Yellowstone Without a Guide, but with Bear Spray

yellowstone bear

Step Away from the Bear

Yellowstone has so many animals you don’t even really need to hire a guide to find them, says one expert. But you will have to put some time and work into it.

“You don’t need a guide,” says Al Nash, parks spokesman. “But you probably need to spend more than one day.” Nash says the biggest mistake wildlife watchers make in Yellowstone is not giving themselves enough time. The park is bigger than you think and the animals aren’t going to always cooperate with a tight schedule.

The animals themselves have an elaborate schedule and sometimes seasonal territories. Lamar Valley is traditionally where wolf watchers go, but their pack size and territories are in constant motion. Earlier this year National Geographic had a package on the area’s Wolf Wars and featured a map of the local packs. Based on 2008 data, the biggest was Gibbons peak in the southeast. Just last week the last of the park’s famous Druid pack that hung around Lamar was shot dead on a ranch in Montana.

“A lot of people say they saw wolves,” but really only saw coyotes, he says. The coyotes here are size XL. “The wolf is a much larger animal. Think of a German Shepherd on steroids.”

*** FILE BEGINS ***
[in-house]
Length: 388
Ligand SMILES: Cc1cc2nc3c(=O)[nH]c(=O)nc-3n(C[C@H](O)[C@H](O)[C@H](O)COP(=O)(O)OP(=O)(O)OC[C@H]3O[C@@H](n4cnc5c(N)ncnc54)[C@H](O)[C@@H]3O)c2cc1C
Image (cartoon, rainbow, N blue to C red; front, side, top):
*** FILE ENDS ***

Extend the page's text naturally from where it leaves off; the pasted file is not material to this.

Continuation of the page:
Nash says, just check with a visitor center about what’s been seen where in the last few days. Badgers, big cats and moose are all pretty hard to spot, no matter how hard you try or

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Antlering: Hunters and Wildlife Watchers Both Love Collecting Antlers

You can congratulate me now: I just received an antlering permit from Utah after passing the 2010 Antler Gathering Ethics Course. I only got 95%, but they let me redo the question I missed. As gathering antlers shed in the winter by moose, elk and deer gets more popular among both hunters and wildife watchers, states are regulating the hobby so we don’t stress out the ungulates when they’re practically starving. It’s gotten so bad, even libertarian Wyoming has rules this year.